7 Butter Substitutes You Probably Didn’t Know About
By Nereesha Patel; image from Freepik.com
Because the price of butter is insane right now – if you can even find it…
Contrary to what naysayers may think, butter is packed with all sorts of health benefits. It’s rich in an absorbable form of vitamin A necessary for maintaining thyroid and adrenal health, it contains antioxidants that protect against weakening arteries, and it helps to keep gastro-intestinal infections at bay. Butter is also an extremely popular baking ingredient, giving baked goods their fluffy, moist textures and tasty flavours.
Right now, however, South Africa’s going through a butter shortage. Lower milk production and the effects of the Cape drought have been its major contributors, causing butter prices to skyrocket. In fact, according to global market research from Nielsen, the retail butter price was almost 27 percent higher in March this year than in April 2016. Additionally, both supply and demand have played a part in this shortage, as consumers and Banting enthusiasts alike have taken notice of the benefits of butter. This has led to South Africans switching from low-fat to full-cream milk and other higher fat dairy products, which in turn has led to the reduction of cream quantity available for making butter.
Fortunately, you can swap butter out for other dairy-free substitutes to use for in your favourite baked or cooked meals. These seven alternatives contain healthy fats and a whole host of nutrients, perfect for any recipe that calls for butter.
From baking and oven-top cooking to spreading on toast, unrefined coconut oil goes with just about any food. It can be substituted in a 1:1 ratio for unsalted butter in any baking recipe and its rich, tropical flavour can do wonders for the taste of cakes, cookies and other baked goods (if you’re not keen on a coconut flavour, you can opt to use a more refined brand of coconut oil). It also contains saturated fats including lauric acid that helps to raise HDL cholesterol (the good kind), speed up your metabolism and help to clear acne. Coconut oil is a great substitute, but just like with butter, you should always try to consume it in moderation.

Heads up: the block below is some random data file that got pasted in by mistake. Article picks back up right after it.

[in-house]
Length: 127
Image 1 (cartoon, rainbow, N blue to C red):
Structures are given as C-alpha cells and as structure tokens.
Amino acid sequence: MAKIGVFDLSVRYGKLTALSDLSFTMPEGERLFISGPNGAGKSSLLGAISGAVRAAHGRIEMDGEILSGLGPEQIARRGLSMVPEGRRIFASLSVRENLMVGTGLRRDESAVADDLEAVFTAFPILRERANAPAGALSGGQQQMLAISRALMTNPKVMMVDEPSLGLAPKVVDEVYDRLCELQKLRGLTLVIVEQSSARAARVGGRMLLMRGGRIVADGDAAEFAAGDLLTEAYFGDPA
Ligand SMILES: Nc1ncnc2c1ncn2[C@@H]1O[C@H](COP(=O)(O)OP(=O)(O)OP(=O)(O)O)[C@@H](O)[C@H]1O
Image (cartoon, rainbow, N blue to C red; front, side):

Olive oil is not only used in salad dressing – you can also use it on bread, grilled meat, in pasta sauces and foods that have a fruity or savoury quality such as muffins. It can be substituted for butter at a 3:4 ratio. According to the American Heart Association, olive oil is one of the better saturated fats for your heart, plus it contains zero cholesterol. Extra virgin olive oil is loaded with antioxidants such as oleic acids and oleocanthal that can help lower blood pressure, reduce inflammation and prevent unwanted blood clotting. Watch out for olive oils that are labelled light or blend because those aren’t considered pure virgin olive oils.
Whether you use it as a spread for your bread, in smoothies or for baking, avocado has a creamy consistency and a deliciously mild flavour. Like coconut oil, you can substitute avocado for butter in a 1:1 ratio. It’s a superfood, meaning it’s packed with nutrients galore: monounsaterated fats to regulate blood sugar levels, loads of fibre to facilitate proper bowel regularity and phytonutrients to reduce the risk of inflammation. It also helps to reduce the risk of cancer, improve your heart’s health and promote healthy hair, skin and eyes – go, avocado, go!
This is a great low-fat substitute for butter, giving baked goods such as cakes, cookies and muffins a rich, dense texture. Simply substitute an equal amount of mashed bananas for the butter in a recipe. Potassium is its key nutrient, which aids in lowering high blood pressure, reducing the risk of stroke and preventing muscle cramps after you exercise. They’re also a good pick-me-up snack as it can provide you with a quick source of energy before a work-out or if you’re in a slump. Be careful – if you use bananas instead of butter in your recipes, this may reduce the cooking time by up to 25 percent, so watch your baked goods carefully.
Coffee cakes, muffins and plain yogurt are just some of the things that you can add pumpkin purée to. All you have to do is replace ¾ of the butter that’s called for. Not only does it contain potassium and fibre, it also has vitamin K: this assists in helping blood to clot and preventing excessive bleeding. Plain cookies and cupcakes may pick up on the pumpkin flavour and colouring, so if you’re making a light-coloured or vanilla cake, you may want to reconsider adding the purée.
For cake-like recipes that could do with some sweetening up, look no further than apple sauce. It especially works well as a glaze on roasted meat and it lightens the caloric density of baked goods. Half the amount of butter can be replaced with this fat-free delight for a cake’s crumbly texture, or you can replace all the butter for a denser, more moist texture. Nutrients include fibre and vitamin C, the latter which is involved in iron absorption, strengthening the immune system and maintaining the development of connective tissues including bones and cartilage. Apple sauce is available at the shops, but you can also try making your own: slowly heat some chopped apple mixed with a little water in the microwave, then mash it with a fork.
Onions need sautéing? Need to keep your food juicy and tender? Try bone broth, or vegetable broth if you’re keen on a meatless option. Throw a cube or one teaspoon of bouillon soup into your pan before adding your dish’s main ingredient. Not only does it add a distinct flavour to your food, it’s a source of natural collagen that can help protect your joints. The caloric content of bone broth is low, but its sodium content is quite high, so use it sparingly if you can.